Me, On Strangers

One of the best things about working at The New School, apart from all the bathrooms I have access to around Union Square, is getting the chance to be a part of programs like New Talks. Was honored to read along with other academics on the theme of Strangers. Check out the livestream of "Strangers" here and read an excerpt from my talk below.

In her essay “On Being Ill,” Virginia Woolf wrote, “…always to be understood would be intolerable.” And at first I did not believe her. Thought she must have meant the opposite. A facetious joke.

After all, who can resist the gooey indulgence of feeling understood? As if knowing were a kind of loving.

It was access to a kind of love that drew me to nonfiction in the first place. As a teenager I began obsessively recording observations of strangers and of those who for whatever reasons I’d deemed un-strange, because it filled me with empathy, both for myself and for others. I believed the act might illuminate some connective tissue, creating a net that could catch and include me in a world I felt mostly outside of, mostly alone in, curating to some degree what Mark Doty calls, “A collector’s catalogue, a record of the body’s travels…”

“How else will I know the world,” he asks, “if not by finding, in the bodies of my lovers and fellows, my coordinates?”

As an essayist I am fascinated by the constant negotiation between the world and the self,  between watching and being watched, hiding and parading. As a woman I inevitably also consider the ways in which I, too, am observed, both IRL and on the page. I think of female poets and artists I admire, how they’ve exposed their abject, vulnerable properties on varied creative planes. Performance artist Marina Abromovic, for instance, literally uses her body as the vehicle of expression, even risking her life in the process of connecting with the audience, whom her curator considers, in effect, “a lover she needs like air to breathe.”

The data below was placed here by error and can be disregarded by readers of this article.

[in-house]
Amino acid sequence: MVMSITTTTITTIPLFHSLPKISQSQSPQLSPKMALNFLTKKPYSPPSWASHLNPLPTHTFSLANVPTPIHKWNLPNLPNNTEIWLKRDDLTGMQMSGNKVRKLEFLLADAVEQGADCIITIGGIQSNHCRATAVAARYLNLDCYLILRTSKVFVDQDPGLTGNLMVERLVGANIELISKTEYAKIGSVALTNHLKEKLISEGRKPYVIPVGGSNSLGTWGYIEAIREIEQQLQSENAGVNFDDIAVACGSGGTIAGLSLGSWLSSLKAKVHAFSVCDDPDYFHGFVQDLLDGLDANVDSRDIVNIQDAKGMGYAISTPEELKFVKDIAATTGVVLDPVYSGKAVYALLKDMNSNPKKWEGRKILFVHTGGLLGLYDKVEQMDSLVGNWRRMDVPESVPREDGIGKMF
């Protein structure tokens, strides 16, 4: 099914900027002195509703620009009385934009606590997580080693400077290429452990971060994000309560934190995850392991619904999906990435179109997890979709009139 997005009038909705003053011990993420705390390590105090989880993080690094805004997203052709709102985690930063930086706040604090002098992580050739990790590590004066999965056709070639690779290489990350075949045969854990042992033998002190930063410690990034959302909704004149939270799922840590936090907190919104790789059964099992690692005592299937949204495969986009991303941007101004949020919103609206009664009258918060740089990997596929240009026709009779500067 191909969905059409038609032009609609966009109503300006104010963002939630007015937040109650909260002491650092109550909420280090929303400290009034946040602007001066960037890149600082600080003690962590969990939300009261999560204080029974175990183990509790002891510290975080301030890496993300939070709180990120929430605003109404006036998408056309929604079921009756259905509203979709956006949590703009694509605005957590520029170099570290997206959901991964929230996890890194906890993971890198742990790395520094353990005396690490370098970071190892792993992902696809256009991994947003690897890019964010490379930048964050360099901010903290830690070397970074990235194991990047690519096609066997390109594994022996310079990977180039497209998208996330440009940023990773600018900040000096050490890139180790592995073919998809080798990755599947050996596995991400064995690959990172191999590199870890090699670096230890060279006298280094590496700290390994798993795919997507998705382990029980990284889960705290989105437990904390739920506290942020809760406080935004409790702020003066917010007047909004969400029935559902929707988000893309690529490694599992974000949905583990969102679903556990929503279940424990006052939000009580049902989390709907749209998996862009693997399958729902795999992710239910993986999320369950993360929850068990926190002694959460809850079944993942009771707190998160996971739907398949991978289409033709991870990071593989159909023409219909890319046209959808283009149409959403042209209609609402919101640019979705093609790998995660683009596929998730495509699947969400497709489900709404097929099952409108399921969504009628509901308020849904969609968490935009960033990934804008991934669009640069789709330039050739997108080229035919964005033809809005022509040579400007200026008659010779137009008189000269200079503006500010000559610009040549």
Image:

Perhaps this is what we can and want to do in autobiographical writing: at once risk our own lives while saving them. Like any stranger, readers are vessels for both real and imagined intimacy. Which is to say, a real and imagined sense of being seen and then—or still, or now—being loved. A Lacanian desire, driven by lack. As Louise Bourgeois wrote in her diary, “If people could see through me, they could not stop loving me, forgive me.”

But in truth maybe I don’t actually want all that, at least not so completely. Maybe Woolf wasn’t messing around. Maybe we only look at the other to gauge the mileage, the outlines, the distance, finally unattainable in our separateness. And maybe there is power in that mystery, a power that seems to speak to the churning undercurrent of my female experience, my own sense of otherness, control, sexual identity, desire, loneliness, and fatigue.

Poet Paul Lisicky writes of Walt Whitman: “His listing, his habit of naming what he sees, high and low, monumental and minuscule, raw and cooked—isn’t he in fact inscribing boundaries in language? Isn’t he saying ‘you’re not me, and you’re not me, and finding delight in that? The exquisite loneliness of the poet striding down the sidewalk. How else could intimacy happen if we don’t carve boundaries between us?”